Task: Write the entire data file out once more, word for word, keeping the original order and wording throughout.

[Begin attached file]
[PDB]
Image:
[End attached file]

[PDB]
Image: